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Enter(ic) Typhoid

Just for those few of us who don't know, Typhoid fever is a disease of poverty, and its now here !!

"It is a disease of poverty because it is usually associated with a lack of clean drinking water and poor sanitation. The disease continues to be a public health problem in many lower- and middle-income countries in Africa, the Americas, South-East Asia and the Western Pacific regions. Typhoid affects humans only, but is spread through human contact, contaminated water and unsanitary conditions. It can be spread by flies, and other pests, as they would come in contact with contaminated water, then appear in the house."

Symptoms include :

  • Weakness (can't walk to the clinic for help)
  • Diarrhea (need to run to the clinic for help)
  • Dehydration (need some more contaminated water)
  • Dizziness (not sure where the clinic is)
  • Cough (not great with diarrhea)

Whilst many cases will not be fatal, (suggesting those counting fatalities will divert the numbers to COVID related deaths) the infection spreads very quickly, and serious illness is the result. To Children, typhoid can be fatal. When doctors, nurses and hospitals are overwhelmed, patients are turned away and left to their own devices. Diarrhea, and the resultant dehydration, creates further infection when water is consumed which is already infected. Many of the poorest live in the rural areas, and contaminated drinking water is the only option, for re-hydration. The remote clinics are under-resourced, under-staffed, and under-trained facilities, and are often operational during day time only. Furthermore, they do not offer "in-patients". Testing can only be done for in-patients, since the test requires blood samples and a laboratory. Instead, they are told "Take two aspirin and come back tomorrow". These are the poorest of the poor, and no-one seems to care.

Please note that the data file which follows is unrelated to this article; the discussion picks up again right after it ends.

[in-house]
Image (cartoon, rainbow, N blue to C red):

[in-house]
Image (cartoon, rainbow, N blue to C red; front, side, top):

Is this the state of our national medical facilities?  Damn right. Report just through, is that the prized, respected and top medical facilities - 1 Military Hospital is now a white elephant.

“This (hospital) was considered a jewel of the defense force at the time. It boasts 500 beds, a prime facility meant to provide treatment to the President, deputy and their predecessors, as well as members of the military, veterans and their families.

It treated presidents of other countries but today the first floor lies in ruins."

“The first floor has 12 theaters, ICU (intensive care units), casualty departments that catered for emergencies and the trauma unit, laboratory, pharmacy, radiology and other ancillary services. All were taken out when the renewal project started"

Ok, back to the story on typhoid - how does this affect us city slickers? Well, it's already in the streets of Johannesburg, Pretoria and Cape Town, and on the beaches of Durban.  Its in that little cul-de-sac where you live! Our drinking water is unsafe, even if it comes from the tap, so say the experts. Only boiled, "Jik-ed" water should be used, or, for the Minister of Water and Sanitation (DWS), the use of Reverse Osmosis (RO) refined water is a must. The rest of us must eat cake.

It all boils down to sanitation - the correct and proper handling of our wastewater. There is (or should be) no compromise. We are entering a "Cul-de-sac". No turning back, from this point on. Forget our medical facilities, since they are dysfunctional and dilapidated. Its all now in your hands (excuse the pun) - the common people.

Keep safe - it's a jungle out there.

PS. Scarab installed sewage treatment systems at 13 rural clinics a year ago, so I reckon there are at least 13 safe places in South Africa right now.


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